“They didn’t just place the bodies inside the graves and leave,” he said. “We have to envision a colorful ceremony that maybe included dancing, singing, and eating. They may have hunted a few animals and had a big meal around the graves and then threw bones or meat inside.”

Like today, the grave flowers were intended both for those who died and for the survivors.

‘Extinct’ Frog in Israel Becomes a Unique ‘Living Fossil’

Tuesday, June 4th, 2013

An ancient frog can now be added to Israel’s history. The “painted frog,” though to be extinct, turns out to be a descendant of a one million-old frog.

The first amphibian to have been officially declared extinct by the International Union for Conservation of Nature (IUCN) has been rediscovered in the north of Israel after some 60 years and turns out to be a unique “living fossil,” without close relatives among other living frogs.

The Hula painted frog was catalogued within the Discoglossus group when it was first discovered in the Hula Valley of Israel in the early 1940s. The frog was thought to have disappeared following the drying up of the HulaLake at the end of the 1950s, and was declared extinct by the IUCN in 1996. As a result, the opportunity to discover more about this species’ history, biology and ecology was thought to have disappeared.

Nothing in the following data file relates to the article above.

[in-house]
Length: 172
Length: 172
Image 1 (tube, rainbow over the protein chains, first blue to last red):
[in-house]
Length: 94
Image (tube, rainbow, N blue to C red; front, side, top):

However, a team of Israeli, German and French researchers now report in the scientific journal Nature Communications on an in-depth scientific analysis of this enigmatic amphibian.

Based on new genetic analyses of rediscovered individuals and the morphologic analyses of extant and fossil bones, the conclusion is that the Hula frog differs strongly from its other living relatives, the painted frogs from northern and western Africa.

Instead, the Hula frog is related to a genus of fossil frogs, Latonia, which were found over much of Europe dating back to prehistoric periods and has been considered extinct for about a million years,